Night SplintsPosted by Elyse B on 4/07/04 at 09:05 (148516)
I have been diagnosed with atypical PF on both feet. I have seen a podiatrist and have been fitted with custom orthotics. I have not run in about 3 weeks. My podiatrist has me wearing orthotics 3 hours today, 4 tomorrow and so on. I asked him about the night splint but he said let's see how the orthotics work first. I am also in physical therapy where we are doing ultrasound, deep tissue massage etc. My calf muscles are incredibly tight as well as my achilles. I am trying stretching exercises but am not that diligent with them. My question is, (1) should I buy the night splint even though the podiatrist says wait because I want to be more aggressive in treating it and (b) can you wear the night splint all the time as it stretches out the calf and achilles. I ask that because any kind of passive stretch would be great for me. Thanks.
Re: Night SplintsSteveG on 4/07/04 at 09:43 (148517)
Elyse - A night splint would be an excellent idea for you - given that you have a tight calf and achilles. It is designed to provide the type of long-term passive stretching you mention. I wear mine (Strassburg sock) just about everynight. There are other models discussed and advertised on this site.
Re: Night SplintsElyse B on 4/07/04 at 09:53 (148519)
Thanks Steve for responding. Do you recommend the Strassbourg sock or the night splint? I am just leery about waiting for a few weeks until the podiatrist prescribes it because I want to be proactive. Of course insurance might pay for the night splint if the podiatrist recommends it. I just think passive stretching is a good thing and is never a bad thing. Do you think it in any way can impair the healing process? Sorry for asking so many questions, but I am new at this.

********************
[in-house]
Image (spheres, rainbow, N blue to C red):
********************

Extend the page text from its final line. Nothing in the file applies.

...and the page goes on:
Re: Night SplintsSteveG on 4/07/04 at 11:52 (148525)
Elyse - You can order the sock online
I like it better than the traditional splint - it's less bulky and easier for me to wear. I have also tried 3 other forms of splint. Some people claim that it bothers their toes. But if it does not work for you, you can order one of other splints on this site. I would not wait for your pod to order one. In fact, you need to attack this problem on as many fronts as possible. I was talking to a pod the other day that agreed that the splint is the best way to perform long-term passive stretching.
Re: Night SplintsElyse B on 4/07/04 at 11:59 (148526)
thanks Steve for your inpute. I just got another positive posting about the sock. I agree about attacking on all fronts. I don't want to just depend on the orthotics.
Re: Night SplintsChris I on 4/07/04 at 23:05 (148571)
I believe that my night splint has been responsible for most of my recovery. By keeping the fascia and the calf stretched at night you do not get that brutal morning pain. This means that you are not re-tearing the fascia with every one of those painful steps. The orthotics - if done correctly - can then do their job of supporting the foot properly. This allows for maximum healing and less chance of reinjury. You must still be very diligent though. I am at about 90% now after 8 weeks. 4 weeks of that was as little walking as possible. I can now walk my dogs 2 times a day for 10-15 minutes, stand for half an hour at a time, walk about 6 blocks a couple of times of week and not experience an increase in pain. I am hoping that it is going to improve even more. My doc also said that the more you can wear the splint the better. I also try and put my foot in that position several times a day.
Re: Night SplintsBrad F on 4/12/04 at 18:58 (148785)
I have a barely used night splint for sale. I bought it a month ago but it doesn't do anything for me. Quit using it after 4 or 5 times. My doc says my PF is not traditional. I paid $69 total, including shipping.
Heal Well Night Splint by Clinitex X-Lg, like new! I tried to sell it on Ebay but there were no takers.
I'll sell it, postage included for $40.